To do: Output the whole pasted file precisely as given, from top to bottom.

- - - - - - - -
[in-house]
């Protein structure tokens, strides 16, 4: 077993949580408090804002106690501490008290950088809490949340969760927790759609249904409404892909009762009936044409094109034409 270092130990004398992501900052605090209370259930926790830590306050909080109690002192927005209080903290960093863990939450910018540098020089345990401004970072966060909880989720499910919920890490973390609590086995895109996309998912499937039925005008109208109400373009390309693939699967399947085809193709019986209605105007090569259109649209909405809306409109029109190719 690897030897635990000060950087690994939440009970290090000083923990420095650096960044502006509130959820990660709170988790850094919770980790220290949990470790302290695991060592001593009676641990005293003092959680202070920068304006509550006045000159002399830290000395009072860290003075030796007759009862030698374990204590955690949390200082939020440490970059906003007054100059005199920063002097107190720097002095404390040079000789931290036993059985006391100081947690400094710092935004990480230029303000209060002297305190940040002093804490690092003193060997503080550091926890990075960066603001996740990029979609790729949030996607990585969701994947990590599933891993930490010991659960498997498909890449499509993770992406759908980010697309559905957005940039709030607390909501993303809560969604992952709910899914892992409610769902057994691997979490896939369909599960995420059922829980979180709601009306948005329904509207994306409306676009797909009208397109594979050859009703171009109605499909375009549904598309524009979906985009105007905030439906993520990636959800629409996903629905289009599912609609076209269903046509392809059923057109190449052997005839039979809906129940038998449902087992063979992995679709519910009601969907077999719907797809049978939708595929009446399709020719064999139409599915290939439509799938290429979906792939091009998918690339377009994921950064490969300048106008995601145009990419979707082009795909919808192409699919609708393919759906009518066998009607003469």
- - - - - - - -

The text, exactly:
[in-house]
């Protein structure tokens, strides 16, 4: 077993949580408090804002106690501490008290950088809490949340969760927790759609249904409404892909009762009936044409094109034409 270092130990004398992501900052605090209370259930926790830590306050909080109690002192927005209080903290960093863990939450910018540098020089345990401004970072966060909880989720499910919920890490973390609590086995895109996309998912499937039925005008109208109400373009390309693939699967399947085809193709019986209605105007090569259109649209909405809306409109029109190719 690897030897635990000060950087690994939440009970290090000083923990420095650096960044502006509130959820990660709170988790850094919770980790220290949990470790302290695991060592001593009676641990005293003092959680202070920068304006509550006045000159002399830290000395009072860290003075030796007759009862030698374990204590955690949390200082939020440490970059906003007054100059005199920063002097107190720097002095404390040079000789931290036993059985006391100081947690400094710092935004990480230029303000209060002297305190940040002093804490690092003193060997503080550091926890990075960066603001996740990029979609790729949030996607990585969701994947990590599933891993930490010991659960498997498909890449499509993770992406759908980010697309559905957005940039709030607390909501993303809560969604992952709910899914892992409610769902057994691997979490896939369909599960995420059922829980979180709601009306948005329904509207994306409306676009797909009208397109594979050859009703171009109605499909375009549904598309524009979906985009105007905030439906993520990636959800629409996903629905289009599912609609076209269903046509392809059923057109190449052997005839039979809906129940038998449902087992063979992995679709519910009601969907077999719907797809049978939708595929009446399709020719064999139409599915290939439509799938290429979906792939091009998918690339377009994921950064490969300048106008995601145009990419979707082009795909919808192409699919609708393919759906009518066998009607003469």